Scott St. Louis
In 2019, Scott St. Louis of Midland, Michigan, was selected as a recipient of a Marcus L. Urann Fellowship, named after the society's founder. St. Louis is one of only six recipients nationwide to receive the prestigious $20,000 fellowship.
St. Louis received a bachelor's degree in history from Grand Valley State University, and also served as the program manager for the university's Hauenstein Center for Presidential Studies. As a Urann Fellow, St. Louis will pursue a master's degree in information at University of Michigan.
The selection process for a fellowship is based on the applicant's evidence of graduate potential, undergraduate academic achievement, service and leadership experience, letters of recommendation, personal statement of educational perspective and career goals, and acceptance in an approved graduate or professional program.
"I am tremendously grateful to The Honor Society of Phi Kappa Phi, as well as the faculty and staff of Grand Valley State University, for the very generous Marcus L. Urann Fellowship," St. Louis said. "This award will open up an abundance of possibilities during my time in graduate school."
Elizabeth Fetzer has a heart for helping others. The senior (2010) at Grand Valley State University, studying biomedical sciences and biology, has her plate full with a full load of classes, work, and volunteering.
“I've always been interested in science and I think I have chosen the perfect major because it encompasses everything,” said Fetzer, a Belding native. “Grand Valley always felt right and I knew that I was going to succeed here.”
Fetzer remains busy both with her studies and with the Pre-Med Club, Honors College, and Phi Kappa Phi activities. Off-campus Fetzer volunteers her time as a youth soccer and basketball coach, tutor and camp counselor. Fetzer also works at the U.S. Attorney’s Office, a job that has helped her through undergrad.
With many experiences under her belt, including a summer trip to Beijing, Fetzer is ready to attend Michigan State University's College of Human Medicine. With four years of graduate school ahead, Fetzer applied for many scholarships to help make the financial load a little easier. She had already received the Dr. Tim Strickler Pre-Medical Scholarship, but Fetzer felt that it wouldn't hurt to apply for a few more.
Fetzer applied to the GVSU chapter of Phi Kappa Phi to receive a grant for $5,000 from the national chapter to further her schooling. Fetzer said that she would use the fellowship money to help pay for graduate school. She was one of 57 students to be chosen for the fellowship.
“Receiving the fellowship definitely boosted my confidence in my writing abilities,” said Fetzer. “This reaffirms that I am doing the right thing and it will keep me striving for success in the future.”
Phi Kappa Phi surprised Mary Sulek the day she received the invitation to become a member. As a junior, she had to be in the top 7.5% of her class to receive the invitation. She was even more surprised when she received the Study Abroad grant offered by Phi Kappa Phi.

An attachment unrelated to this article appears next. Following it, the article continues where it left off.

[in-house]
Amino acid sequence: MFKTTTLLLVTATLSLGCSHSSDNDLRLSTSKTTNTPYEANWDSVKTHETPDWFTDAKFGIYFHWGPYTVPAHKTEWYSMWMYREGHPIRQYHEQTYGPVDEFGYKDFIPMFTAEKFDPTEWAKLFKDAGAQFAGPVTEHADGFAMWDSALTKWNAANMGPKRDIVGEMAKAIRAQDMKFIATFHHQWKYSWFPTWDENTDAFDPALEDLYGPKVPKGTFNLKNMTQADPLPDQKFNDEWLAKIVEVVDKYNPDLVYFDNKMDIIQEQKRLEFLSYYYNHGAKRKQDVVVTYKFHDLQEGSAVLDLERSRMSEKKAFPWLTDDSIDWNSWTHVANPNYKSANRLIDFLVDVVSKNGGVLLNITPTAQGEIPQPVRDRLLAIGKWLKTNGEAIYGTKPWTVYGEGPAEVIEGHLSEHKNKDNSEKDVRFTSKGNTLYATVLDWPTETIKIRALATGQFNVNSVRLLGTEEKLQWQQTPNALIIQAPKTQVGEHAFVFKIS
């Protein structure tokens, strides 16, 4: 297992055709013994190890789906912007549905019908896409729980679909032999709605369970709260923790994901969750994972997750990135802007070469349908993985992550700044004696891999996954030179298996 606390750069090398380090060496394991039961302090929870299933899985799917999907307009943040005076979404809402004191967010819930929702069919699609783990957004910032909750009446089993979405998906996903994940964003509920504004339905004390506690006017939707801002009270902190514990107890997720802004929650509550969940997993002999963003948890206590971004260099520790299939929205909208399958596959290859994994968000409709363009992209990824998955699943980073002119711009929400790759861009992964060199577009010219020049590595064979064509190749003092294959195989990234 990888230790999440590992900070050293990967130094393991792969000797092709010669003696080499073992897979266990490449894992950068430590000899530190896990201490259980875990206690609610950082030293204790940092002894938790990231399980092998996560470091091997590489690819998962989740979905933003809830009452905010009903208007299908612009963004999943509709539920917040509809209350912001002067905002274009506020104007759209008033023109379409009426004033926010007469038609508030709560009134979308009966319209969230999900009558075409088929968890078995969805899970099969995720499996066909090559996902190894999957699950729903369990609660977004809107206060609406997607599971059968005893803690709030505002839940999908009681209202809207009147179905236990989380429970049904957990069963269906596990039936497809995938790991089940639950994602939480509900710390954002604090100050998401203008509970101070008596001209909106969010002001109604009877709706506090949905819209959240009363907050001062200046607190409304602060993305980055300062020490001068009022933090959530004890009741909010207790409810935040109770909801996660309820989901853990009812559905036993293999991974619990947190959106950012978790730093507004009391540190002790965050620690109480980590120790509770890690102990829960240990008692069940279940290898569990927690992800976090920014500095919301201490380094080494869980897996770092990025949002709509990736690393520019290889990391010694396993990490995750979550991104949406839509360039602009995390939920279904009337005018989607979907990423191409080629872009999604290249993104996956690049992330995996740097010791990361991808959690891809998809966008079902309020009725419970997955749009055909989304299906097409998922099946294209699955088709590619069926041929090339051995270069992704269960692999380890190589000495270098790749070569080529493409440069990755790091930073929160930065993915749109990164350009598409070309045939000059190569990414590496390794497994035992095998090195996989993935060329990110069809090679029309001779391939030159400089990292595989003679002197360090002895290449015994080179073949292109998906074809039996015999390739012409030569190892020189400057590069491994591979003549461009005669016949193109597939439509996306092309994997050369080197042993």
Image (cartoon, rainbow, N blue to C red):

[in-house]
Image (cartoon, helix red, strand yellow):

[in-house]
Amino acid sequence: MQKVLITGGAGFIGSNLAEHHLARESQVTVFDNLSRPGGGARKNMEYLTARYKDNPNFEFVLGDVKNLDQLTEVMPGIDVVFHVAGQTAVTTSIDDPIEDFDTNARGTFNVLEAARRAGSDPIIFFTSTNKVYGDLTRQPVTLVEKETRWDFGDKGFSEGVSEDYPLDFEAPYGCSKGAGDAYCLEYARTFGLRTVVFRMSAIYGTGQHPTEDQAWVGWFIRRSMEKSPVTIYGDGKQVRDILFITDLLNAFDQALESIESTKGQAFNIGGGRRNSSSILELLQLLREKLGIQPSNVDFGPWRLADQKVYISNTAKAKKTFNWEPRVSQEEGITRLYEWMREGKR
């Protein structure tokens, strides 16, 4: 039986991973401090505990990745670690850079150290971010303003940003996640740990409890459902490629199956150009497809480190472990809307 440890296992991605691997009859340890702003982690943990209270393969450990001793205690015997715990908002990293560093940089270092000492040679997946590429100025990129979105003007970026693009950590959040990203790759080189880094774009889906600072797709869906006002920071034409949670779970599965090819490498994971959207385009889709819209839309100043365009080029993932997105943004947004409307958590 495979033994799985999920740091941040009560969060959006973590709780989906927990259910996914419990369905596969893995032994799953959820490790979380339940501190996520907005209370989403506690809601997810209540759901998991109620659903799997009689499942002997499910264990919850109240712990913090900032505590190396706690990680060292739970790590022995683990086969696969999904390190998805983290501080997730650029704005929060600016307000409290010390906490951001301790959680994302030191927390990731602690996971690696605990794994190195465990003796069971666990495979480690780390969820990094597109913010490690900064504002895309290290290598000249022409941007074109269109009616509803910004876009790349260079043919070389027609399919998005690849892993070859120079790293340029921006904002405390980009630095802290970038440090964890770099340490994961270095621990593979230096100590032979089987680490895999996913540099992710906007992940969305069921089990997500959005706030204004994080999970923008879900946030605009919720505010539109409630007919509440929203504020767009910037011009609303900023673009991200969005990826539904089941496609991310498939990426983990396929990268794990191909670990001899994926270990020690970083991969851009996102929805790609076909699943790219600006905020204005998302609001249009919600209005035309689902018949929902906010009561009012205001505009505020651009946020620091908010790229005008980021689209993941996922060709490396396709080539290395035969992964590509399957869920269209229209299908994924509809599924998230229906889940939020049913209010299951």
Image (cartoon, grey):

Sulek said, "I knew nothing about Phi Kappa Phi when I received the letter in the mail, but there was a brochure that explained the organization very well, and referred me to the national website." When Sulek received the Study Abroad grant, she said, "Awesome, I get to do this!" She said she did not realize the impact until she received the scholarship. Sulek also received a scholarship from International Studies Abroad, which provides assistance to students considering studying in a foreign country.
Sulek spent six weeks in Salamanca, Spain in summer, 2004. She stayed with a family and two other students. She said she gained self-confidence in speaking Spanish. In fact, she said toward the end of the trip, she was waiting in line to tour a famous Spanish author's home and she asked, "How many people are in each group?" Her fair skin and red, curly hair made it obvious she was not Spanish, and people asked where she was from. She said they were surprised when she said she was American saying, "You sound like a Spaniard." Sulek said that was the best compliment.
In summer, 2004, Sulek spent five weeks in Guadalajara, Mexico. She was the assistant to the professor who leads the Grand Valley program.
Here at home, Sulek double majors in English and Spanish. She had four years of Spanish in high school and decided to major in Spanish because she wants to teach and "didn't want to be a hypocrite." She did not want to expect her students to be fluent in the language if she was not. She encourages other students to learn a language because, "It is good to keep in your toolbox because you never know what opportunities will open up for you." Sulek recommends all students study abroad if they have the opportunity.
Applied linguistics intrigues Sulek. She is currently considering a research project which will focus on language acquisition theory, specifically how frequency effects impacts approaches to second language acquisition.
Even with a busy schedule of being a full time student, working in the writing lab and volunteering at Southwest Community Center, Sulek is planning on traveling with Alternative Spring Breaks as a site leader to Oklahoma and the Cherokee Nation.